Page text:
Coolidge businessman Carl Douglas, who died in a plane crash last month along with one of his Stinger Welding employees, did not have a pilot’s license allowing him to carry passengers, according to a preliminary report from the National Transportation Safety Board.
The report from the NTSB on the Dec. 19 plane crash near Libby, Mont., refers to Douglas as a “noncertificated pilot.”
A search of the Federal Aviation Administration website, which lists pilots and their certifications and ratings, lists Carl James Douglas of Florence as a student pilot with a third-class medical certification. His medical certificate expired June 20, 2012. Medical certificates for pilots must be renewed after a certain period of time, depending on a pilot’s age and the class of medical certificate, according to the FAA. In Douglas’s case, his medical certificate was good for two years, after being issued in June 2010.
Student pilots are not supposed to carry passengers, according to FAA rules. And, student pilots are prohibited from flying “in furtherance of a business,” those rules state. Other restrictions are in place for student pilots as well.
The FAA issues pilot certificates — commonly referred to as licenses — “after deeming a pilot capable and able to safely operate a specific aircraft in U.S. airspace.”
Douglas, 54, and John Smith, 43, of Coolidge both died in the plane crash, which occurred early on Dec. 19, two minutes after midnight. Douglas was chief executive officer of Stinger Welding. The two men reportedly left Coolidge at 8:25 p.m. Dec. 18, headed to Libby, in northwestern Montana, where Stinger has had a second business operation since 2009. They were scheduled to attend a business meeting on Dec. 19 and a company Christmas party on Dec. 21. Stinger manufactures bridges.
Douglas acknowledged his FAA clearance to an instrument-approach landing in Libby at 11:53 p.m. Dec. 18, the NTSB report states. At that time, the plane was about 7 miles south of the airport. “(T)he pilot reported the field in sight” and canceled the flight plan, a reportedly common practice among pilots.
A Libby police officer reported to NTSB officials that he saw an airplane fly over the city of Libby, which is about 7 miles north of the airport, just before midnight Dec. 18. The officer said he saw the plane turn toward the airport. The officer went to the airport but did not see a plane there. According to the officer, while there was fog in town that night, the airport was “clear,” the NTSB report states.
The officer also said the airport’s rotating beacon was illuminated, but the runway lights, which are controlled by pilots, were not on. However, a person driving past the airport that night told The Western News in Libby that the runway lights were on when he drove by around midnight. The man told the newspaper he thought it was unusual for the lights to be on that late at night.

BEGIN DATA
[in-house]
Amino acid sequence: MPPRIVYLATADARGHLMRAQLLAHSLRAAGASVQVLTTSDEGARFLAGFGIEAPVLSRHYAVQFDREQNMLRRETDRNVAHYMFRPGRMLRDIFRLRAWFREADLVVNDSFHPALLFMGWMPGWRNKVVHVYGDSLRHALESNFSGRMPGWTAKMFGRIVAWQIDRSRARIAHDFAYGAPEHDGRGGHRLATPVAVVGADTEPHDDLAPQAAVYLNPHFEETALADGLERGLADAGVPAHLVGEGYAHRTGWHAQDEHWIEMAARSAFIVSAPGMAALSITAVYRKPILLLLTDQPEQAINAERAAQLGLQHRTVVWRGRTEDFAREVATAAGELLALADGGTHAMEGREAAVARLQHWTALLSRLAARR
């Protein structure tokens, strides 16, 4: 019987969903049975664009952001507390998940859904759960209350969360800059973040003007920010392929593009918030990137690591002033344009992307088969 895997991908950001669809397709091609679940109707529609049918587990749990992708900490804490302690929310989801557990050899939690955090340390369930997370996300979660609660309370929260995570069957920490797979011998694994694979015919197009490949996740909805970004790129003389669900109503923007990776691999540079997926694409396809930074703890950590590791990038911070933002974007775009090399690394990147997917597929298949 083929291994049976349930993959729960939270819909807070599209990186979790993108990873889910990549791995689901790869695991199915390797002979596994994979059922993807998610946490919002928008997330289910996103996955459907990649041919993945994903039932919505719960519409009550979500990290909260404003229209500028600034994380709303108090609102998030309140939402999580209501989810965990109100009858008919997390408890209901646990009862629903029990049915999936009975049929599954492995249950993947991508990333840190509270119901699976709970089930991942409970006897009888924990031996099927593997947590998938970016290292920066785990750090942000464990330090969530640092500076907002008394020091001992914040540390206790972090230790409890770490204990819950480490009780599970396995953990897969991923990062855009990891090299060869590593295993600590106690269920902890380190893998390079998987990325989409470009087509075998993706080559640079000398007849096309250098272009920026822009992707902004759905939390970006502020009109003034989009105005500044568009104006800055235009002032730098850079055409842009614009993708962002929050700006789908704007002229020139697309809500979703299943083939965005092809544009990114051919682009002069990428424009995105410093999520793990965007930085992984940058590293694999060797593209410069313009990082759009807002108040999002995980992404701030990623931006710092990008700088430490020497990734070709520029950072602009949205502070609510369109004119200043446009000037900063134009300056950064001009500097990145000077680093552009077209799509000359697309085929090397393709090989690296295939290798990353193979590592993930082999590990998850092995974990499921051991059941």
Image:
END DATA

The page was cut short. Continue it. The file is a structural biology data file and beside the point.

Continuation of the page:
A search for Douglas and Smith was launched around 11 a.m. Dec. 19, after Stinger Welding employees reported the men overdue for a meeting. The wrecked plane was found at 6:35 p.m. that evening in the William’s Gulch area of Swede Mountain, which has a summit of 4,295 feet.
Lincoln County Sheriff Roby Bowe told The Western News that searchers had to use snowmobiles to reach the crash site.
The preliminary report on the crash indicates the plane hit a tree as it crashed, strewing debris across a wide area.
That NTSB report essentially lists what investigators could determine from the scene. No one witnessed the crash and both people on the plane were killed.
A factual report on the crash is expected to be completed in about six months. A final report, which is expected to include the cause of the crash, won’t be completed for about a year, according to the NTSB.
The preliminary report states that the Beechcraft King Air 100, piloted by Douglas, collided with trees at Libby at 2 minutes past midnight Dec. 18. “The airplane sustained substantial damage from impact forces,” the report states.
According to the preliminary accident report, investigators at the scene found composite shards and a piece of the engine housing about 50 feet from the first tree the plane struck. The engine housing “had a hole punched in it,” the report states.
According to the report, the next point of contact for the plane was a 4-foot tree stump. Under the trunk, investigators found the plane’s nose gear, a couple of control surfaces and wing pieces.
One engine, with the propeller attached, was found 50 feet from the stump. The outboard half of one propeller blade was found to the left of that trunk and another propeller blade was found about 10 feet from the partial propeller, the report states.
Investigators also reported that several nearby trees had sheet metal wrapped around them. A portion of the instrument panel was found imbedded into a tree about 15 feet above the ground, they reported. Part of a wing, with the landing gear strut attached, along with three stabilizers, were found near the instrument panel, the report states. And, the rudder was a few feet away from the wing piece.
About 100 feet to the right of the main debris path, as investigators described it, was a 10-foot section of the aft cabin, connected by cables and wires to a 4-by-7-foot piece of twisted metal.
The second engine and the propeller hub with two attached blades were found at the end of the debris field.